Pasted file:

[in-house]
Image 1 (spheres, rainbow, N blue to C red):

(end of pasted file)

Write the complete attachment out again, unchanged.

[in-house]
Image 1 (spheres, rainbow, N blue to C red):